The cliffs mainly consist of large faces of moss-covered rock, but the clefts and narrow terraces furnish a habitat for various plants, which add beauty to the sublimity of the scenery. Ivy and yew grow out of the fissures, and in various places may be found liverwort, polypody, meadow-rue, crimson mountain-pink, etc. The screes "* at the bases of the cliffs have in many places acquired a covering of grass, and do not now appear to be in course of accumulation. The positions they occupy in some places would seem to indicate that they must have been thrown up against a wall of rock, or into a recess, rather than hurled down from above. The effects of the action of frost and rain, however, may be seen in favourable situations. The frost detaches angular fragments from incoherent parts of the cliffs, and from the under sides of rocky projections. The rain carries previously-detached fragments and chips down the "rakes,” or vertical passages which indent the face of the cliffs. Vegetable mould and red loam are likewise washed down by rain from the top of the cliffs, and subjacent fissures. Nearly the whole surface of the Mendip Hills is covered with red loam, which fills up the fissures, and, to a certain extent, the caverns. Its derivation, and period or

* A convenient name used in the Lake district for the accumulated wrecks of cliffs and declivities.

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periods of deposition are involved in mystery ; but it seems to be generally admitted that it must have been a kind of seaooze left by retiring waters during one or more submergences of the land. In later times, it has been re-arranged by subaerial and subterranean fresh-water streams.

The Cheddar caves are regarded by the natives as the greatest source of attraction. One, in particular, has become very celebrated for its stalactites. But as it is probably surpassed in this respect by caves in Derbyshire and elsewhere, the main attraction of the Cheddar ravine must ever lie in the almost unparalleled grandeur of its cliff scenery. In this ravine there are many caves, little known and seldom visited, which present phenomena more interesting to the geologist than stalactitic concretions, however much the latter may resemble any earthly or unearthly objects the guide or the visitor may fancy. On the left side, walking from Cheddar, before reaching the Strait, there is a cave with a very conspicuous entrance at some height above the road. It has apparently been scooped out, or at least enlarged, by an inwardly-directed agent, such as sea waves, and not by an out-flowing freshwater stream. On the right side, at various altitudes, there are many caves. In nearly all of them the roof is more or less rounded, and the sides here and there smoothly hollowed out into pot-shaped cavities. In short, the interior of these caves display obvious signs of the action of water, charged with a sufficient amount of solid matter to enable it to round and smooth limestone rock; and the position in which the rounded and smoothed surfaces often occur, would seem to point to the action of powerful waves as the only adequate explanation. It is true that fresh-water percolates through crevices in limestone districts, and the Cheddar brook has its visible source in several streams which flow out of subterranean cavities near the south-west end of the ravine; but it is not very difficult for one who is familiar with the peculiar forms resulting from the inward and upward gyratory action of the waves of the sea to distinguish these forms from marks left by fresh-water streams. The latter tend to wear their channels downwards, and can never produce smooth vaulted roofs, hanging or inverted potholes, arched entrances, and other characteristics of sea-worn caverns.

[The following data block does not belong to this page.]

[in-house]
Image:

Mr. W. Boyd Dawkins (to whom the scientific world is so much indebted for the exploration of Wookey Hole Cavern, a few miles from Cheddar*), believes that the Cheddar ravine is an immense unroofed cave, the abstraction of the rocks once filling the now vacant space having been effected by atmo

* See first paper on Wookey Hole, in the “ Quarterly Journal of the Geological Society."